Fig. 136.3


Absorption spectra.

The heterogeneous absorption spectra of chromophores allow selective photothermolysis to work. Er, erbium; KTP, potassium titanyl phosphate; Nd, neodymium-doped; YAG, yttrium aluminum garnet; PDL, pulsed dye laser; YSGG, yttrium scandium gallium garnet.



Fig. 136.4


The electromagnetic spectrum.

The visible component is only a small portion of the spectrum.


Optical properties of the epidermis and dermis are different. In pigmented epidermis, melanin absorption is usually the dominant process over the majority of the optical spectrum (200–1000 nm) (see Fig. 136.3 ). In the dermis, there is strong, wavelength-dependent scattering by collagen fibers, which attenuates penetration of light. This scattering varies inversely with wavelength. In general, between 280 and 1300 nm, the depth of penetration increases with wavelength ( Fig. 136.5 ). Above 1300 nm, penetration decreases due to the absorption of light by water. The most deeply penetrating wavelengths are 650–1200 nm, while the least penetrating wavelengths are within the UV and IR regions.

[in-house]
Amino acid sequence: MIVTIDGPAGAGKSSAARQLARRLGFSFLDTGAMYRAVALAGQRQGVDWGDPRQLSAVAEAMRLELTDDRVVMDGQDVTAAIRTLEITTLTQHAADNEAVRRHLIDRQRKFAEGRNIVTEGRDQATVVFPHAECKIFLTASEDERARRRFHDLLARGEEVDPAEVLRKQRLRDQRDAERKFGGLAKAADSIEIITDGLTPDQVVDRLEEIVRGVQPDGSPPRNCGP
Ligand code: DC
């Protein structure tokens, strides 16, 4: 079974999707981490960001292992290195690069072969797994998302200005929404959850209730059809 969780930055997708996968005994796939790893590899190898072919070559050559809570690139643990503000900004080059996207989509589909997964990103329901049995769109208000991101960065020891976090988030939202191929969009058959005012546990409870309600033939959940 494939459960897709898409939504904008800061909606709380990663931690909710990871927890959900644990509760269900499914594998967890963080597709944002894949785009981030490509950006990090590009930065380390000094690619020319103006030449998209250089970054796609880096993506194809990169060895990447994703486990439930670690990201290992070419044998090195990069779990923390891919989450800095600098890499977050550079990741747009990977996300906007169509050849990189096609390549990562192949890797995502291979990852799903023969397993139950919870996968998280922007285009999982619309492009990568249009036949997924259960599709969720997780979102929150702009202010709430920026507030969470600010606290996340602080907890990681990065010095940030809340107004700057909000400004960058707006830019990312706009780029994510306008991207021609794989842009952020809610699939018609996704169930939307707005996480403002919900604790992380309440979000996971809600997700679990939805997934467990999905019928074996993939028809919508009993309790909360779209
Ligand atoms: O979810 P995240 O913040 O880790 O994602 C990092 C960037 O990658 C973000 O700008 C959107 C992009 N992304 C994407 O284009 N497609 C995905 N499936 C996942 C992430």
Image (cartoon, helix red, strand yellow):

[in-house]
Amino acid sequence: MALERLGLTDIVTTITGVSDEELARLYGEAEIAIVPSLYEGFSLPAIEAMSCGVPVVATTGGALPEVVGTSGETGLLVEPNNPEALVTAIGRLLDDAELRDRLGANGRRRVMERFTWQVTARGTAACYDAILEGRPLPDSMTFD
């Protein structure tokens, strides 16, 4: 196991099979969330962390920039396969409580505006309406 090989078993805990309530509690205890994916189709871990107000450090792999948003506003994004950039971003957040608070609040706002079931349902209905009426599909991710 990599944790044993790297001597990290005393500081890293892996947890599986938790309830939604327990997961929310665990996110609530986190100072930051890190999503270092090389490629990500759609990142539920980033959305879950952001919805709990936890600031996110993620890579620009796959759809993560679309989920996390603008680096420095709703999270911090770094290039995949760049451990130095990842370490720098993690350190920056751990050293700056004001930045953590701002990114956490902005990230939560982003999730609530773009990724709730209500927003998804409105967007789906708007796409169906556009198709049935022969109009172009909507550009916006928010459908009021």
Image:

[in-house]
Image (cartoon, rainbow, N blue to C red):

Fig. 136.5


Depth of optical penetration by various lasers.

Optical penetration of about 50% of the light. It should be noted that the treatment depth can greatly exceed the optical penetration depth for ablative lasers. For example, the depth of optical penetration for CO 2 lasers is only ~20 microns, but fractional CO 2 lasers can vaporize nearly full-thickness microchannels through the dermis. KTP, potassium titanyl phosphate; μ, microns; Nd, neodymium; PDL, pulsed dye laser; YAG, yttrium aluminum garnet.




Thermal Interactions


Most laser interactions involve heat. As temperature is raised, essential macromolecules are denatured including proteins, DNA, RNA and cell membranes, leading to loss of function. Thermal coagulation yields cell necrosis and, if widespread, a burn. Laser skin surgery requires precise control over the placement and amount of heat-induced injury.